We have argued, then that a division of labour between cost-effectiveness analysis and ‘rescue-reasoning’ already exists in medical decision making. It exists in rescue situations and non-rescue situations. It exists in the emergency room and the local clinic. And we have also suggested that this is a beneficial situation from the point of view of doctor-patient relationships. And it should also be apparent that we regard this as an attractive way to reconcile what appeared to be two, irreconcilable, approaches to medical decision making. Yet there may be a lingering concern that the solution is too stark to be accurate. Is it really true that ‘rescue’ intuitions are absent in the committee room? Or that cost-effectiveness considerations never occur in the emergency room? If it is true that both types of considerations apply in both venues then it seems we are back to where we started: having to worry about how to combine two quite different styles of reasoning into a single decision procedure.
To start with the committee room, is it true that rescue intuitions have some place there too? Although the committee room will rarely have to deal with identified patients in known emergencies, nevertheless they can rationally predict that emergencies will occur and will need to be dealt with. Will considerations of basic humanity mean that cost-effectiveness has to be abandoned, or at least modified, from time to time in the committee room? Here, we suggest that the notion of the rescue adjusted QALY may have some place after all, albeit in different terminology. The key elements of rescue that will arise in the allocation room are those of end of life and of severity of disease. In both cases, we have seen policy proposals that the calculation should be adjusted so that a higher cost per QALY is allowed (NICE 2009; Department of Health 2010). This, we suggest can be seen as moving in the direction of rescue, but doing so in the cold-light of day when such decisions have to made as a matter of routine. The earlier objection—that humanitarian reasoning is debased by reducing it to a formula—still has some purchase, but the fact that the formula is used at a general level for resource allocation and not as a way of mediating a relationship between doctor and patient removes some of its sting. Hence at this level it seems satisfactory.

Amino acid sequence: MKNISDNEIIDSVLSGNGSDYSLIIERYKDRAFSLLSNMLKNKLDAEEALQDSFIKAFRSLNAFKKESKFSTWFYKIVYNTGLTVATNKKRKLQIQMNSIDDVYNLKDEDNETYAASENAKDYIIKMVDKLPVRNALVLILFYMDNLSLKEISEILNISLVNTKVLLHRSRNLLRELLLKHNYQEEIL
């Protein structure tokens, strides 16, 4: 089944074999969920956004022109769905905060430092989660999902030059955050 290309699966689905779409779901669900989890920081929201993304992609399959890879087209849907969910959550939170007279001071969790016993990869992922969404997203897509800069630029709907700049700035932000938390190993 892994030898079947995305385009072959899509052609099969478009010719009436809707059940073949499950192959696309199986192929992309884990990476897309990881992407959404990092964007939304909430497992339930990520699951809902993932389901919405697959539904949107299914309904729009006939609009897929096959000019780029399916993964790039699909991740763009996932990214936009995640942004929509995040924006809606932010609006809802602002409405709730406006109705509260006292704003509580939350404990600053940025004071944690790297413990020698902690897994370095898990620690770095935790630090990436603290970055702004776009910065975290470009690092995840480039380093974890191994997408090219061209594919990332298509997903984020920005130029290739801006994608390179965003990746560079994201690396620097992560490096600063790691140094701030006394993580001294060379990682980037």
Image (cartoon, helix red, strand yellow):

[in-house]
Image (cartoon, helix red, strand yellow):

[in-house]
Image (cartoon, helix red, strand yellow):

What, though, can we say about the emergency room. Is it really true that doctors should put considerations of cost completely to one side? This seems unrealistic and, indeed, unwise. There are regular campaigns, for example, to persuade doctors to prescribe generic medicines rather than more expensive branded equivalents. Doctors are often rightly reluctant to send their patients for expensive tests, and may spend a few weeks, or longer, in a state of ‘watchful waiting’ before doing so. The emergency room is rightly suffused with considerations of expense after all.
Yet it is interesting to reflect on how considerations of cost could enter the reasoning of the doctor. Robert Nozick distinguished two theories of rights: one in which a moral agent tries to minimize rights violations—the ‘rights as goals’ theory—and the other in which rights function as ‘side constraints’, setting absolute barriers to action (Nozick 1974). Although we would not want to follow Nozick’s model exactly in the current case, it reminds us that there is more than one way a consideration can function in one’s reasoning. Our suggestion is that the humane but responsible doctor will consider considerations of cost as a type of provisional side-constraint on action. By analogy consider, for example, how one chooses from a menu in a restaurant, when another person is paying. Some people will deliberately choose an expensive option, others a cheap one. But a common experience is simply to choose what you want, but keeping an eye out for cost, avoiding the most expensive dishes. Cost here functions as a background consideration. It is not a firm constraint, perhaps today you will order the lobster after all. Yet cost is something to be taken into account in background reasoning, albeit only when a certain threshold is crossed.
To apply the analogy to rescue cases, we may say that we will save lives at all costs, given the equipment available, yet at the back of our minds there may also be a thought that ‘enough is enough’. When the chances of a successful rescue are falling and the costs of the next step are increasing, the consideration of cost, reluctantly, comes into view. The rescue may be halted on cost-effectiveness grounds. Cost-effectiveness lurks in the background, but it is rarely central to the decision-making process, and it is not always over-riding even when it is relevant.